Marines with the Corps' first rapid-response task force to be based in The first members of a waves of a new Marine rotational task force are deploying this week for Central America will begin deploying this week ahead of the set to arrive for the June start of the hurricane season.
The 280-person man unit will to be headquartered at Soto Cano air base, Honduras, officials with Marine Forces South said. Called Special Purpose Marine Air-Ground Task Force South, the unit will be tasked with a variety of missions ranging from humanitarian infrastructure projects to military partnership training in the U.S. Southern Command area of responsibility.
Upon arrival, about 180 Marines will remain in Soto Cano as the task force headquarters element, while the remaining 100 will be dispatched to locations throughout the region to work with local militaries, officials said in a news release.
The Marines will travel to El Salvador, Belize, Guatemala and elsewhere in Honduras in teams of 10 ten to 20 to conduct partner exercises and "train the trainer" programs, said Staff Sgt. Earnest Barnes, a MARFORSOUTH spokesman. This work is a continuation of a partnership training missionraining undertaken in the past by smaller Marines have been carrying out detachments throughout Central America.
Marine Gen. John Kelly, head commander of U.S. Southern Command, offered examples of what humanitarian missions Marines might undertake in Honduras and throughout the region.
"[Marine engineers] will drill wells and they will improve clinics and lay some roads out into this indigenous area that is not really well serviced and very isolated," Kelly told Marine Corps Times during a visit to Washington, D.C., earlier this month. "... We ask the government to come up with some more projects, let us scope them out, and then we send another group back in."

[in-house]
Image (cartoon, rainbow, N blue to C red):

The unit will arrive ready for these types of missions with an equipment set that includes four CH-53E Super Stallion helicopters and a complement of engineering and logistics equipment.
Marines will travel around the region in the Spearhead, a Joint High Speed Vessel that is part of the Navy's new seabasing fleet. The task force is designed to reassemble quickly in response to a large emergency situation, officials said in the release.
In the event of a destructive hurricane, members of the task force SP-MAGTF South Marines will be at the ready to offer aid, Kelly said.
The Central America task force is structured differently than recently organized Marine crisis response forces for Africa and the Middle East in that it's designed to operate for only half the year. The troops composing the unit will return from the region in November, at the close of the hurricane season. And a new unit won't deploy until the following June.
While it's possible the task force might get slightly larger in the future, Kelly said he expected it to remain a temporary presence focused on humanitarian tasks.
"Given the opportunity to keep them down there forever, I wouldn't keep them," Kelly said. "... [The Central American governments] don't need them."